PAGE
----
Fitch Ratings, one of the leading rating agencies in the U.S. alongside Moody’s and Standard & Poor’s, just downgraded the U.S. from the top-tier AAA qualification to AA+, one notch below. This decision came after a three-month period of “negative watch” and was based on concerns related to recurring spending stand-offs, a gradual “erosion of governance,” and an increasing debt burden. Undoubtedly, these reasons hold true, as the congressional circus has focused on scoring political points and stoking cultural grievances that are irrelevant to economic management.
But what does this lower rating truly indicate? A rating’s primary purpose is to assess the likelihood of a debtor defaulting on its debt. But according to Fitch , no sovereign rated above A+ (which is three notches below AA+) has defaulted since 1995. Standard & Poor’s reports a similar track record going back to 1993. And although the U.S. Federal Government faces a higher interest rate burden due to mounting debt and rising interest rates, it remains well below the levels seen between 1982 and 1999, when the U.S. had a AAA credit rating and the stock market went up tenfold.
Borrowing has gone up, to be sure, but as a June 2023 Congressional Research Service report highlights , borrowing money is not inherently problematic as long as it contributes to economic growth or productive use. The answer here is unclear; the economy seems to be outperforming expectations (against predictions of an impending recession that has yet to materialize), but productivity figures remain dismal, perhaps due to the lingering effects of pandemic-related disruptions.
Will the downgrade have any impact on foreign purchases of U.S. debt? Quite unlikely. U.S. debt remains the preferred instrument for almost every surplus-producing country in the world. Of the $7.3 trillion owned by foreigners, Japan, China, and the U.K. hold the largest shares, with holdings split roughly evenly between governments and foreign private sectors. The unmatched liquidity and depth of U.S. Treasury securities are major factors for foreign and domestic holders to invest in U.S. debt, which this minor downgrade will not dampen in any significant way.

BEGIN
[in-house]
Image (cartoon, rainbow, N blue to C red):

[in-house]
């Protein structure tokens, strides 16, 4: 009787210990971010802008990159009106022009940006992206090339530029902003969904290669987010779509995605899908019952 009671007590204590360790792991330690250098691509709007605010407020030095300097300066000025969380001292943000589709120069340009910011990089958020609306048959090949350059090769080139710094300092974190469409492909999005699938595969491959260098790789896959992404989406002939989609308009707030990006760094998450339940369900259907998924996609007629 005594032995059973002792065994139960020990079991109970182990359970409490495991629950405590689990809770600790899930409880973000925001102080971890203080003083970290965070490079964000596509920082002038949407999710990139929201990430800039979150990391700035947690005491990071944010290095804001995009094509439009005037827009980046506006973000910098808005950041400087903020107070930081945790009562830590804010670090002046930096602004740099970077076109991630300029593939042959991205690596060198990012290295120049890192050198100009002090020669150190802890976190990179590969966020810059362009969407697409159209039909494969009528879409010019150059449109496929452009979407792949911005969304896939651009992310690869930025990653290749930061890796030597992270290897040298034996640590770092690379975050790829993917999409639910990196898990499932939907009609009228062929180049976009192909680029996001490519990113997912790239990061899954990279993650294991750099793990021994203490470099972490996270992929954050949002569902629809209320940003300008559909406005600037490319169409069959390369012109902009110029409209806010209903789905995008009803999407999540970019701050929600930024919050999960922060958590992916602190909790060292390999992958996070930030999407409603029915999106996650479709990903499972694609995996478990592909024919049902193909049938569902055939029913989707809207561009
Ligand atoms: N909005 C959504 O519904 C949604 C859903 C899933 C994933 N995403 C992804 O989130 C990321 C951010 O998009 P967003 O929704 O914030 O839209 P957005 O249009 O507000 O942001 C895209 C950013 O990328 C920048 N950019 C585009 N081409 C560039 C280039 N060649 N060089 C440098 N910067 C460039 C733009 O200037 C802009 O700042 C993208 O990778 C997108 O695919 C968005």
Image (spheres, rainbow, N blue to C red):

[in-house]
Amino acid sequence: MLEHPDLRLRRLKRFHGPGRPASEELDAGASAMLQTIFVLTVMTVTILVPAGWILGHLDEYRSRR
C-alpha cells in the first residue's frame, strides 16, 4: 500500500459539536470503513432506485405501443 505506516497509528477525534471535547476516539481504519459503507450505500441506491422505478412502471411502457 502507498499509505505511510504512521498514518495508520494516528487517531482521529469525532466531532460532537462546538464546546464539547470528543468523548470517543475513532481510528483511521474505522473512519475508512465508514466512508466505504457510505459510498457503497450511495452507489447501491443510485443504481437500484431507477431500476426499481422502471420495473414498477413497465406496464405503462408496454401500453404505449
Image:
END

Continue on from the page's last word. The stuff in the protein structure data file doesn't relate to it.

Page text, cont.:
Most importantly, the likelihood that a country that can print its own currency could default is virtually zero—unless its money supply spirals out of control, as observed in Suriname, the only country to default on its local debt in 2021, when inflation reached a staggering 60%.
Therefore, the Fitch downgrade does not reflect a shift in the probability of a U.S. debt default due to economic deterioration. Worse conditions have existed in the past when both the economy and the stock market thrived, and there are good arguments to support the idea that the increase in debt was both necessary (during the pandemic) and a good investment (if the infrastructure bill pays off).
What the downgrade appears to be instead is a warning, signaling that the risk of a U.S. default has gone up not because the economy has deteriorated but because of the surge of a new political class solely focused on creating chaos and scoring ideological points, even if it risks causing irreversible damage to the nation and global economy. In this sense, the U.S. Congress resembles someone with access to a nuclear launch button, capable of causing widespread devastation not just to others but also itself. Fitch seems to believe that this newly emerged political class possesses enough influence that the possibility of triggering such a scenario is not insignificant.
The market, for now, seems hesitant to accept this as a likely outcome, echoing the impact of the 2011 downgrade by Standard & Poor’s for similar reasons and which had few long-term repercussions. Naturally, this is what every investor wants and any rational person hopes for. Still, we have now been warned, twice, that the U.S. credit is not what it used to be, and the reason for that is not the economy.
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